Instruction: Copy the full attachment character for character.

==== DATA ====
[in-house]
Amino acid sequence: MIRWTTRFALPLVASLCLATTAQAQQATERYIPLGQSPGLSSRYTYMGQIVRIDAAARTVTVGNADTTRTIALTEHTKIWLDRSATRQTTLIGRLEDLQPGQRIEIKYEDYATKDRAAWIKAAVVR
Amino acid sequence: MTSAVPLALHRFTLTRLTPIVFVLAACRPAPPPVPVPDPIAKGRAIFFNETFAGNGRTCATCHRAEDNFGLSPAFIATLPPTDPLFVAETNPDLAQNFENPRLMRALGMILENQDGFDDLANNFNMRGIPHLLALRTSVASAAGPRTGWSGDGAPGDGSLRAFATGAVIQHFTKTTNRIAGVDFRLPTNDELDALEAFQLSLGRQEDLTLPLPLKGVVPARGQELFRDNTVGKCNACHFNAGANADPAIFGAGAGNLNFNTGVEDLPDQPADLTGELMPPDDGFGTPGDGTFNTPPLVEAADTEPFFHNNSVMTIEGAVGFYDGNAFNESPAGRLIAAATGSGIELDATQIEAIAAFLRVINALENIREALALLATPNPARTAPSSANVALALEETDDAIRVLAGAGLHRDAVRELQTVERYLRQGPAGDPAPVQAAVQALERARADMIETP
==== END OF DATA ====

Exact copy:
[in-house]
Amino acid sequence: MIRWTTRFALPLVASLCLATTAQAQQATERYIPLGQSPGLSSRYTYMGQIVRIDAAARTVTVGNADTTRTIALTEHTKIWLDRSATRQTTLIGRLEDLQPGQRIEIKYEDYATKDRAAWIKAAVVR
Amino acid sequence: MTSAVPLALHRFTLTRLTPIVFVLAACRPAPPPVPVPDPIAKGRAIFFNETFAGNGRTCATCHRAEDNFGLSPAFIATLPPTDPLFVAETNPDLAQNFENPRLMRALGMILENQDGFDDLANNFNMRGIPHLLALRTSVASAAGPRTGWSGDGAPGDGSLRAFATGAVIQHFTKTTNRIAGVDFRLPTNDELDALEAFQLSLGRQEDLTLPLPLKGVVPARGQELFRDNTVGKCNACHFNAGANADPAIFGAGAGNLNFNTGVEDLPDQPADLTGELMPPDDGFGTPGDGTFNTPPLVEAADTEPFFHNNSVMTIEGAVGFYDGNAFNESPAGRLIAAATGSGIELDATQIEAIAAFLRVINALENIREALALLATPNPARTAPSSANVALALEETDDAIRVLAGAGLHRDAVRELQTVERYLRQGPAGDPAPVQAAVQALERARADMIETP